The inclusive AI process provides a set of working guidelines to help researchers and programmers design data sets, measure product performance, and test new systems through the lens of inclusivity.
“There are a lot of questions to be asked as we work to define inclusivity and train AI,” says Obamehinti. “Are glasses important to consider? How about eye shape or color? Why or why not?” Questions like these are vital in building inclusive products. With Portal, asking the right questions during development led to the uncovering of data sets with uneven representation for skin tone and gender presentation—both of which can make technology feel like it isn’t made for you.
Obamehinti and team got to work improving Portal’s software with new data sets and samples. They included people of various gender, age, and skin tones, then verified the training adhered to inclusive AI guidelines. These efforts refined Smart Camera performance for Portal’s launch, minimizing the risk that Obamehinti’s own experience with the test unit would happen again.
The benefits of adopting a framework for inclusive AI are clear: It improves technology by making it feel more personal; like it was made for you. The challenge then is to scale inclusive methodology to all Facebook products that use AI. Obamehinti established a three-part process to characterize inclusive AI: user studies, algorithm development, and system validation.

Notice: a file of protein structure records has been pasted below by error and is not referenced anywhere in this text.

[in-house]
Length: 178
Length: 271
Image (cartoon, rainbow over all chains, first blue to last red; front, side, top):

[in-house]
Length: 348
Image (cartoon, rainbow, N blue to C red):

User studies grant valuable insight into how different people respond to new products and features; algorithm development works with data set design, training, and model evaluation; and system validation focuses on performance and the overall experience. For each of these processes, the framework for inclusive AI provides best practice guidelines along two paths: vision and voice, each looking at relevant factors like skin tone and age.
Over the past year, multiple product teams across Facebook have introduced the inclusive AI process into their workflows. The Spark AR team uses the inclusive AI process to power filters on Instagram and Facebook, making sure the software delivers quality effects for everyone, regardless of skin tone and other factors. And in Messenger, AR masks benefit from testing videos filmed with more diverse face shapes and skin tones. In each case, building new features with inclusivity top-of-mind is giving users from all backgrounds the best possible experience. Product teams across Facebook are designing inclusive data sets to ensure inclusivity across age, gender, skintone, and other factors, and they’re grounding system tests in a variety of different user scenarios.